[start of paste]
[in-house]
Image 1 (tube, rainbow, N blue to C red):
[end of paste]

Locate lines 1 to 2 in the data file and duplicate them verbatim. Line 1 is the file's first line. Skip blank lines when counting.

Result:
[in-house]
Image 1 (tube, rainbow, N blue to C red):